It’s probably not something anyone at the White House wants brought up in a press briefing, but a new report from the government’s top watchdog, the Government Accounting Office (GAO), says the U.S. Treasury sent COVID-19 stimulus checks totaling nearly $1.4 billion to more than a million dead people.
To its credit, the GAO was upfront about the gaffe. In preparing its first CARES report to Congress on the government’s response to the COVID-19 pandemic, the GAO said it had received that information from the Treasury Inspector General for Tax Administration as part of an April 30 accounting.
All told, the IRS and Treasury made 160.4 million payments worth $269.3 billion to taxpayers as of May 31. The checks that went to the deceased were made because of the scramble by officials to get out all the stimulus checks.
Can you send that check back, please?
According to the Washington Post’s investigation, the problem stems partly from the fact that the Treasury Department and its Bureau of the Fiscal Service do not have access to the Social Security Administration’s complete set of death records.
The GAO suggested to the IRS that it “consider cost-effective options for notifying ineligible recipients how to return payments,” and the IRS said it would be happy to.
However, “happy to” and “did” are two different things. While the IRS had posted a notice on its website that stimulus checks made out to deceased or incarcerated people should be sent back, the IRS has no plan in place to take steps toward recouping those missent payments, the GAO said.
Instances of fraud run rampant
In its report, the GAO didn’t hold back on what it found. The group essentially unearthed something going wrong in about every square inch of Washington, D.C.
For one thing, the GAO found many instances of fraud. Counting up the number of times the group used the word “fraud” in its report, ConsumerAffairs found an astonishing 196 times it tied fraud to COVID-19 -- medicare fraud, tax fraud, you name it.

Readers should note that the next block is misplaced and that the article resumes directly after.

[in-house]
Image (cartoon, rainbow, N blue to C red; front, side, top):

One concern the GAO expressed was that the Small Business Administration (SBA) did not provide details on how it plans to identify and respond to risks in PPP to address potential fraud, including in loans of $2 million or less.
Another big, fraudulent elephant in the GAO’s room is the fact that the Department of Labor has yet to provide information to state unemployment agencies about the risk of improper payments being made to workers who may be receiving unemployment benefits and PPP funds.
“Confusion about this issue increases the risk of improper payments to beneficiaries and misuse of limited funds,” the GAO commented.
Department of Labor officials neither “agreed or disagreed” with the GAO’s recommendation, but officials said they reached out to the SBA for its help in informing its guidance and expects to release that information to state unemployment insurance agencies sometime in the next 30 days.
Outside of those two fraud issues, one consumer concern the GAO raised is the lack of a national aviation-preparedness plan for communicable disease outbreaks. The Department of Transportation said it agreed, but it passed the buck to the Department of Health and Human Services (HHS) and the Department of Homeland Security (DHS).
“[The HHS and DHS are] responsible for communicable disease response and preparedness planning, respectively, (and) should lead any efforts to address planning for communicable disease outbreaks, including for transportation,” the DOT said.